Relocation and Time-Sharing in Florida
Under Florida law, a custodial parent who wishes to relocate more than 50 miles away for a length of time of longer than 60 days must provide notification to the other parent prior to making any moves. Should both parents agree to the relocation, the former couple must file a written agreement with the court. If the parents cannot agree, then a hearing will likely be held so that a family law judge may decide whether or not to allow the move. The court may, however, view the relocation as creating a negative impact on the relationship between the non-custodial parent and the child or children; if so, a judge may not approve the move.
If you or someone you know is considering relocating with a child, and you have questions regarding rights and obligations under the law, contact an experienced Orlando family law attorney right away.
Factors a Court Considers
Like family court judges across the nation, a Florida family law judge must render a decision based on the “best interest of the child”. A parent who wishes to obtain permission to uproot a child from their home – and away from the other parent – must put forth a compelling argument before the judge. There are several factors that a court will consider when deciding whether or not relocation is appropriate. These include, but are not limited to how the move will impact:
- The child’s emotional, mental and physical development, taking into account child’s age and any special needs;
- The child’s relationship with the parent that wishes to relocate, the parent staying behind, siblings, and any others important to the child;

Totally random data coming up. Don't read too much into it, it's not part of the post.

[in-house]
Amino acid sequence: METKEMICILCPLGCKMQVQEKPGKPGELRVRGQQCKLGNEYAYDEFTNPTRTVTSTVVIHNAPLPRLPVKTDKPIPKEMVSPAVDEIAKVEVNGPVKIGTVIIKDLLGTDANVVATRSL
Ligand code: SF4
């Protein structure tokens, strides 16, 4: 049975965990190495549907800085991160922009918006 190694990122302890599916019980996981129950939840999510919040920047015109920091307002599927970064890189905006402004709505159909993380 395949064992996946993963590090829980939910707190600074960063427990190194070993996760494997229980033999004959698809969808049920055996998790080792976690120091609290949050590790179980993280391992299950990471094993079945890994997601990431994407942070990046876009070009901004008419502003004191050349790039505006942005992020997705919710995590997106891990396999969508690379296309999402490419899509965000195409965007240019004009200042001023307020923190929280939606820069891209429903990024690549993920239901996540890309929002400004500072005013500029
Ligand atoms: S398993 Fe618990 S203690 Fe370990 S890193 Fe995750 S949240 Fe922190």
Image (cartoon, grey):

- The ability to maintain the child’s relationship with the non-relocating parent by providing alternative visitation arrangements; and
- The lives of the relocating parent and the child.
Courts will also inquire as to the reasons for the relocation, why – if at all – the other parent opposes the move, and any history of domestic abuse.
If a parent’s motivation behind the relocation is to deprive the former spouse of visitation rights, or to seek revenge on him or her, it will be difficult to obtain a favorable ruling. Likewise, if a parent objects to the relocation but has failed to meet other parental obligations or failed to take advantage of current visitation rights, a judge will likely not weigh the objections heavily.
Orlando Time Sharing Attorney
Competence and sensitivity is vital when seeking legal representation, particularly when it comes to family law matters. The law office of Steve W. Marsee, P.A. has served greater Orlando area with years of family law experience. Call today (407) 521-7171 to schedule your initial consultation.